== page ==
What happens next is bifurcated. On the one hand, some building and construction projects go on contributing to the accumulation of values, for example, factories and ports. Rental housing, however, redistributes values that are mostly produced in other sectors. Shanghai’s skyline is not expanding aggregate capital, not even if all the space is being let at rents equal to average profit.
After the 2008 stimulus, it became possible to spot white elephants among projects that previously had contributed to capital expansion. In the words of professor Yongding:
The efficiency of the resulting mostly state-directed, infrastructure-centred investment has fallen by 50 percent, and was now below half that of Japan. … [It] would not bring returns … Due to the hasty and under-supervised implementation, waste in such construction is ubiquitous. (Australian, 26:11:09: 21)
Tower blocks and freeways are impressive backdrops for action movies.
The more one delves into the actualities of China since the start of its market programme in the early 1990s, the more its industrialisation appears odd, and not merely scored with Chinese characters. For a start, China is unique in combining a transition to capitalism from socialism with its industrialisation, and doing both within twenty years. One other peculiarity is the degree of foreign ownership, which contrasts with pre- and post-war Japan where, like its medieval fortresses, neither a mouse nor a ninja could enter. By 2003, Foreign Direct Investment (FDI) in Japan still accounted for ‘only 1.1. percent of GDP, compared with over 40 percent in China’.
China’s take-off followed Deng Xiaoping’s ‘Southern Tour’ in 1992 when he praised Enterprise Zones in which foreign firms were offering a solution to the unemployment forced on forty millions by the restructuring of State-Owned Enterprises (SOEs). FDI shot from less than $US3 billion in 1990 to a total of $US381 billion by 2003, when firms with FDI accounted for half of China’s exports and 60 percent of its imports. In 2,000, US investments in China generated profits of $7.2bn against $4.6bn from Mexico.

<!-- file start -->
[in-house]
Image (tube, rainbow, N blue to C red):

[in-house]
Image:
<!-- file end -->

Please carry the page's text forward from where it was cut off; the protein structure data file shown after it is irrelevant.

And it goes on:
(Hale: 38 and 48)
By May 2010, the $US576bn of FDI inside China was twice the volume of its investments overseas, increasing by over 17 percent during the year:
China’s surplus with the United States is mostly generated by foreign-funded or foreign-owned companies in China, which produce nearly 88 percent of Chinese exports to the United States.
Foreign investors take away the lion’s share of the profits. Out of every ten dollars of profits made from exploiting Chinese workers, seven or eight go to foreign firms. (BR, 4.11.10: 30) For instance, US laptop brands take 50 percent of the profits from exports of models assembled in China, whereas the ones made entirely in China earn about 5 percent. (CD, 6.1.11: 14) US firms have a large slice of the Chinese market for services, with up to $20 billion in profits out of revenues of $220 billion from banks, insurers, auditing and legal work. Now that China represents more than a quarter of the global sales of luxury goods, manufacturers who set up ‘through joint ventures or franchises are buying back their distribution rights’. (BR, 6.1.11: 37)
What are the medium and long-term consequences of expatriating so much of the profit? How much local accumulation is happening? ‘Accumulate! Accumulate! That is Moses and the Prophets!’ Marx wrote is the rule of the game under the rule of capital. The point in exploiting labour and plundering nature is to garner larger sums of money to re-invest. Businesses in China are doing plenty of that – but many are expanding foreign capitals to a degree that had no parallel in the industrialisation of Britain, Germany, the US of A and Japan, but is more like the relationship between the Netherlands and the East Indies. Anger at the reappearance of ‘Treaty Ports’ and neo-colonialism extends to champions of the free market.